RFE exposes an intangible web of corruption in Kiev that includes:
- state officials awarding themselves protected state land worth millions
- destruction of a UNESCO listed heritage site appropriated by Ukraine president
- a presidential cover up involving the abuse of power
It looks like RFE finally did some digging rather than regurgitating Kiev press releases. Previous Ukraine president Yanukovich has been reviled for his luxurious mansion which was held up as proof of his corruption – but it turns out Poroshenko is even worse.
Not only is Poroshenko in the process of building himself a huge mansion – the construction had damaged a UNESCO protected historic site dating to 18th century. When an investigation threatened to make this fact public Poroshenko used his powers to have it shut down. – Poroshenko's hunger for a mansion is such it actually damaged the country's cultural inheritence.
Of course the big question is why did Radio Free Europe, a propaganda arm of the US government, go after Poroshenko in this manner now? A few possibilites come to mind:
- Radio Free Europe's famous journalistic ethic precluded it from doing anything else
- US is becoming displeased with Poroshenko in some way and this was a shot across the bow
- The story was going to become public anyway, but if RFE went first it could win for itself some badly needed journalistic credibility
RFE/RL with the shady dealings:
KYIV -- An investigation by RFE/RL shows that Ukrainian leader Petro Poroshenko may have used his presidential influence to shut down investigations into a land deal aimed at building a private mansion on a historic site in the Ukrainian capital.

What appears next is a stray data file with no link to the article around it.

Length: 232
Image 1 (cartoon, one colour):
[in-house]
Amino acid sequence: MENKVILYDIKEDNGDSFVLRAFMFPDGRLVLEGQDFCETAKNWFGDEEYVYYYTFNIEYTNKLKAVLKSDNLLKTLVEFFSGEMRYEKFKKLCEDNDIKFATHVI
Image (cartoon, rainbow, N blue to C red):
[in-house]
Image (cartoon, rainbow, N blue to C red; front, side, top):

Two reports broadcast on RFE/RL's Ukrainian-language television program, Schemes, reveal that over the course of seven years, Poroshenko quietly appropriated more than a hectare of protected land in Kyiv's elite Pechera district and recently quashed an inquiry into the damage of an 18th-century structure caused by construction work on his plot.
The revelations come as Poroshenko, soon to mark his first year in office, faces growing criticism for failing to divest his billion-dollar business holdings and diminish the political influence of Ukrainian oligarchs like Dmytro Firtash, who last week claimed he personally orchestrated Poroshenko's rise to the presidency.
Supporters of Poroshenko -- still one of Ukraine's richest men, with an estimated fortune of $750 million -- defend him as a "president of de-oligarchization." But his failure to honor his campaign pledge to divest himself of his assets, as well as new findings about his property holdings, may add to questions about his commitment to separating politics from property and money.
Kononenko is a lawmaker who currently serves as deputy head of the Petro Poroshenko Bloc's faction in the Verkhovna Rada, Ukraine's parliament. Bald and solidly built, he is sometimes referred to as the bloc's "gray cardinal." But in 2009, he was a member of the Kyiv government and an ally of then-Mayor Leonid Chernovetskyy, who presided over a city vote handing the Radialna 5 plots to a company co-founded by Kononenko -- for free.
How does protected state land with a market value of more than $25 million get handed free of charge to a little-known company run by a city lawmaker?